“If I am not for myself, then who will be for me? And if not now, then when?” Over two thousand years ago, the rabbinic leader, Hillel, boldly challenged us to be responsible, vigilant and strong in what is a seemingly unending quest towards individual wholeness. Fortunately, in Positive Judaism, Rabbi Darren Levine provides a masterful guidebook to chart the path forward. Drawing upon his own painful experiences of divorce and job loss, Levine seamlessly blends the wisdom of Judaism with current psychological literature focussing on developing and strengthening well-being.
From the outset, Levine reminds the reader that living well and achieving wholeness does not imply the absence of suffering. Indeed, simply living brings an unpredictable confluence of pain and joy, which can both strengthen and weaken our emotional, physical and spiritual resolve.
Levine contends that Judaism embodies five core elements of well-being: positive emotion, engagement, relationship, meaning and achievement (PERMA). Each person brings what he terms ‘signature strengths’ to these core elements, which can be honed to achieve well-being, especially in times when the emotional immune system has been attacked. The science of well-being highlights virtues that are the signposts in the road leading to fulfillment, such as wisdom, courage, humanity, justice, temperance and transcendence. Levine, however, does not abandon the reader merely to contemplate these virtues in a vacuum. Rather, he gently nudges the reader in the privacy of their hearts to lay bare what he believes are signature strengths. In two deceptively simple appendices, Levine offers the reader the opportunity to quantify personal satisfaction through a well-being profile and then holds up a mirror and asks that we assess our signature strengths. Engaging these exercises before delving into the substance of the search for well-being provides both focus and optimism to the all too human and at times, debilitating common journey.
Levine reminds the reader that Jewish life organically creates a cycle of goodness — one good deed leads inevitably to another, which has the dual purpose of serving others and improving ourselves. Both the deed and the reaction it elicits energizes us to do more. The act of doing is alive, organic and propels us further. All of our relationships, contends Levine, contain elements of the divine. Citing Martin Buber’s ‘I‑Thou,’ Levine elegantly suggests that the divine element, which brings people together, is contained in the modest, barely noticed dash. Buber’s placement of the divine presence in our interactions codifies the biblical imperative to love our neighbor as ourselves. Understanding that each person bears an element of the divine will, it is hoped, sparks the honesty and integrity that each person is capable of.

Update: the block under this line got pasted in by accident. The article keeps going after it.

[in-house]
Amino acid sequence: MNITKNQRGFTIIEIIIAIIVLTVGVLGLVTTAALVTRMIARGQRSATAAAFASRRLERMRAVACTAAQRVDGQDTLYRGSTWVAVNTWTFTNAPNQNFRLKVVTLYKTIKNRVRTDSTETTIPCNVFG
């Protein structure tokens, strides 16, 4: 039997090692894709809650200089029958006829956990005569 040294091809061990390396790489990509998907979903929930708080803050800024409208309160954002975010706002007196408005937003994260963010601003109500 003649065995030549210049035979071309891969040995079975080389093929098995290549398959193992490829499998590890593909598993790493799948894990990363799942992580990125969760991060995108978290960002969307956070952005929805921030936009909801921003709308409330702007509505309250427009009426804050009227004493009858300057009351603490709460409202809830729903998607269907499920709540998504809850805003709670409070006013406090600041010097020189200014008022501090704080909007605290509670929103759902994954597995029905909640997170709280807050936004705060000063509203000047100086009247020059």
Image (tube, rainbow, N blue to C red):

Levine does not shy away from presenting the stories of job loss, financial ruin, deceit and other of life’s struggles and losses that are unwelcome visitors. Yet, through recognizing our strengths and accepting that forgiveness, the core Jewish values of courage, gratitude, perseverance and community can help to cushion these blows. Levine does not present a formulaic, quick fix for difficult personal circumstances or complex situations which may have festered for extended periods of time. Rather, he enables us to envision and formulate a clarity of purpose through personal honesty and integrity in spiritual partnership with the Jewish values and ethics that have endured for two millenia. Positive Judaism is a seemingly modest book, but its impact has the power to reframe and reshape the course of one’s life with wisdom and clarity.
Rabbi Reba Carmel is a freelance writer whose work has appeared in Jewish Currents and The Jewish Literary Journal and other publications. Rabbi Carmel is a trained Interfaith Facilitator and has participated in multiple Interfaith panels across the Delaware Region. She is currently in the Leadership Training Program at the Interfaith Center of Philadelphia.